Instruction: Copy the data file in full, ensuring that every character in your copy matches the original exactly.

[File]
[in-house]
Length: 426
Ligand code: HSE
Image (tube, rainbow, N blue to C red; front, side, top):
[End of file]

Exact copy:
[in-house]
Length: 426
Ligand code: HSE
Image (tube, rainbow, N blue to C red; front, side, top):